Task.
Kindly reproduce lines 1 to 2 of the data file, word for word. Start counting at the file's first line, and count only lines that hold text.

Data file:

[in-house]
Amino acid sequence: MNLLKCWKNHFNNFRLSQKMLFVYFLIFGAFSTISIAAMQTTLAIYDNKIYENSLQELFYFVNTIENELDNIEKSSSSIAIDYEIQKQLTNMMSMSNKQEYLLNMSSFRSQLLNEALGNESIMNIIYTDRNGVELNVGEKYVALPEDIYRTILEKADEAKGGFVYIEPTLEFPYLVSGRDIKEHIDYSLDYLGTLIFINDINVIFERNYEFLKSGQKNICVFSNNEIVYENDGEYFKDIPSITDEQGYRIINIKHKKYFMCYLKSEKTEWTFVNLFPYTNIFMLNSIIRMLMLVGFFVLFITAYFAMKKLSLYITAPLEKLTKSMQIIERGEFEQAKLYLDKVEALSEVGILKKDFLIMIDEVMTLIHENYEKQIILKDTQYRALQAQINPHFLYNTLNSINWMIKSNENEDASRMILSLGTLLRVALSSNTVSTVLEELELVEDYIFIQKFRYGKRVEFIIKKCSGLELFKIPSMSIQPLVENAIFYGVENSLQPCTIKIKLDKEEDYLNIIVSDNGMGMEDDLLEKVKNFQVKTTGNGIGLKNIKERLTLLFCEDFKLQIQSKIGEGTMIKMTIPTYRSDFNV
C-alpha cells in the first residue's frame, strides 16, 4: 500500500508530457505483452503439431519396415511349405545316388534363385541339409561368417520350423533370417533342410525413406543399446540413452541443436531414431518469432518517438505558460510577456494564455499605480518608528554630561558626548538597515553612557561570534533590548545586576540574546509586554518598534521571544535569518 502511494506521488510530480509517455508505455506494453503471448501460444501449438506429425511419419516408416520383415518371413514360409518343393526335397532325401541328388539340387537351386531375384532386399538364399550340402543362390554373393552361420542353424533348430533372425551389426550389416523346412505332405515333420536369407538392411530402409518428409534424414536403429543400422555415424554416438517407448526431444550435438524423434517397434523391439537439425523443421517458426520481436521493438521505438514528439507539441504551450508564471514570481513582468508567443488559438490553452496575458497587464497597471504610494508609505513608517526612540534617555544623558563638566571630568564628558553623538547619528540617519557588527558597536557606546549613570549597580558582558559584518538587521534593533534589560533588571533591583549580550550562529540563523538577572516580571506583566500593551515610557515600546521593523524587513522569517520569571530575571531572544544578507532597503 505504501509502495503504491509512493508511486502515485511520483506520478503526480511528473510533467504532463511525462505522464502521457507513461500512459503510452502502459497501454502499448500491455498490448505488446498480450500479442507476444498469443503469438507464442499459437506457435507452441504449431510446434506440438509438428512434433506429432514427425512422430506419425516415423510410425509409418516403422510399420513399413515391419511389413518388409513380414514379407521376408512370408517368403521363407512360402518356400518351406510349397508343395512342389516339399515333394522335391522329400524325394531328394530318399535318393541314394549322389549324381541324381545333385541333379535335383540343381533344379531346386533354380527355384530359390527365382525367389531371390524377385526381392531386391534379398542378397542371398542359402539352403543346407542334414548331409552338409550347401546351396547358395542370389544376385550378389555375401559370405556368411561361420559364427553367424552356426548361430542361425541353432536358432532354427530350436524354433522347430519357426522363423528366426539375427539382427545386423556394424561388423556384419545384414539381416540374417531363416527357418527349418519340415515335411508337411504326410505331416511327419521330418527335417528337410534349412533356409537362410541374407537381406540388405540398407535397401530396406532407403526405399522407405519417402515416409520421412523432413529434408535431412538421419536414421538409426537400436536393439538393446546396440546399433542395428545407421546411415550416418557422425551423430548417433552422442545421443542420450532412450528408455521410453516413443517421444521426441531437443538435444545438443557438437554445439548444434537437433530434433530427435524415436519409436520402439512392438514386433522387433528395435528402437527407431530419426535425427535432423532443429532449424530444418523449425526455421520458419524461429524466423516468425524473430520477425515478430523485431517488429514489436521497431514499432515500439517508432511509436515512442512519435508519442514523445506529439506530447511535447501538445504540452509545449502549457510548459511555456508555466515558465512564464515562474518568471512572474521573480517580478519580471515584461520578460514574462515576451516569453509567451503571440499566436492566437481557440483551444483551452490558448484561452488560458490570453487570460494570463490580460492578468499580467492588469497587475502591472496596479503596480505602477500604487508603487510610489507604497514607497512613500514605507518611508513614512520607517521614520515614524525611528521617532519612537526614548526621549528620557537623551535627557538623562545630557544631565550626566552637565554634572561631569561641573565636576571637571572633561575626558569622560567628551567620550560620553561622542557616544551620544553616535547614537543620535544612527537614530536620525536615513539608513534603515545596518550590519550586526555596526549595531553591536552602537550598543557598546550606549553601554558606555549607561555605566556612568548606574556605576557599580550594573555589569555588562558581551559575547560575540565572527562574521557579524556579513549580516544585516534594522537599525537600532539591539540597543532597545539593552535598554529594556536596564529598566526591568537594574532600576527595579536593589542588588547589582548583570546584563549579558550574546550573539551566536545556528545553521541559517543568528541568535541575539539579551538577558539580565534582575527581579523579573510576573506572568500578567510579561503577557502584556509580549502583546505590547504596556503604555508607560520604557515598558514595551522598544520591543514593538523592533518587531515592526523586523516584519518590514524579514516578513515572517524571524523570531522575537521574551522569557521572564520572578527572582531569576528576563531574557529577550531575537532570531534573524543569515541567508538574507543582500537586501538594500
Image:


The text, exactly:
[in-house]
Amino acid sequence: MNLLKCWKNHFNNFRLSQKMLFVYFLIFGAFSTISIAAMQTTLAIYDNKIYENSLQELFYFVNTIENELDNIEKSSSSIAIDYEIQKQLTNMMSMSNKQEYLLNMSSFRSQLLNEALGNESIMNIIYTDRNGVELNVGEKYVALPEDIYRTILEKADEAKGGFVYIEPTLEFPYLVSGRDIKEHIDYSLDYLGTLIFINDINVIFERNYEFLKSGQKNICVFSNNEIVYENDGEYFKDIPSITDEQGYRIINIKHKKYFMCYLKSEKTEWTFVNLFPYTNIFMLNSIIRMLMLVGFFVLFITAYFAMKKLSLYITAPLEKLTKSMQIIERGEFEQAKLYLDKVEALSEVGILKKDFLIMIDEVMTLIHENYEKQIILKDTQYRALQAQINPHFLYNTLNSINWMIKSNENEDASRMILSLGTLLRVALSSNTVSTVLEELELVEDYIFIQKFRYGKRVEFIIKKCSGLELFKIPSMSIQPLVENAIFYGVENSLQPCTIKIKLDKEEDYLNIIVSDNGMGMEDDLLEKVKNFQVKTTGNGIGLKNIKERLTLLFCEDFKLQIQSKIGEGTMIKMTIPTYRSDFNV